The most impressive part of the game, for me at least, is probably the sense of exploration. When I say we got the feeling of being deep within the mine, I mean it. By the time you get to the core of the experience, you feel a very, very long way from the start. That feeling of remoteness is key to creating the right emotions for the game. If you felt you could just walk across the corridor and escape at any point, the isolation of the experience would be broken. This is a game that truly detaches you from the real world.

The ninety-minute duration also means they can use their space to full effect, taking you on a journey through the mine and then getting you to backtrack through the spaces to make full use of what they’ve produced. In general, you’re constantly moving forward, something that is forced on you by the linearity of the game, but every so often they send you back through the space, giving you another chance to revel in the set they’ve created.

There were plenty of puzzles to fill that ninety minutes and, while I’d expect good enthusiast teams to get out in well under the time, there’s definitely a game and a half’s worth of content here. The standard of puzzles wasn’t quite up to the decoration, with some distinct tropes mixed in. I found that a little grating in an environment that had been so well imagined. It’s hard to make everything make sense within the story, but sometimes the puzzles felt particularly arbitrary. They were certainly logical, though and, while we did ask for help, I don’t think it ever felt like the answer we got didn’t make sense.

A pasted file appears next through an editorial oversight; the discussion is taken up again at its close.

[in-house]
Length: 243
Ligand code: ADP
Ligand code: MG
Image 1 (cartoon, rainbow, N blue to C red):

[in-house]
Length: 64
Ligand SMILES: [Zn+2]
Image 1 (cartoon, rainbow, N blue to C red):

A game set in a mine has some pretty obvious endings for a finale, and we weren’t disappointed by the one they chose. They’d created a series of small puzzles to finish in order to complete the mission and return to the surface. I liked some of what they’d done to create a thrilling escape, but one of the puzzles felt quite weak – leaving us with a search to end the game on, although it was at least a search that I think most teams will find reasonably straightforward.


We escaped in about 80 minutes having taken four or five clues, which came over a walkie-talkie.

Verdict –

La Mina is a thrilling game that I have no hesitation in recommending to enthusiasts and beginners alike. 90-minute games are almost always better than their 60-minute counterparts but, even among those, this stood out. The decoration is first rate, the puzzles are logical and plentiful, there’s a real sense of exploration, and the theatre within the experience (both when things just happen and when you play an active part) is all thoroughly enjoyable. If you’re in Barcelona, I thoroughly recommend you head along and try it out.

We played as a family of four with two children aged 8 and 10. You could definitely play this as just a pair and still get out with ease, but I’d happily recommend it to a team of four adults. There’s plenty to keep you entertained although, if you’re experienced, you may find the linearity a little frustrating at times and escape well within your ninety minutes.


We went across the road to an all-you-can-eat kaiten sushi restaurant, Restaurant Japones Osaka, which had good food and very friendly service. The all-you-can-eat closes at 4pm, though, so make sure you get there well before that if you want to take full advantage!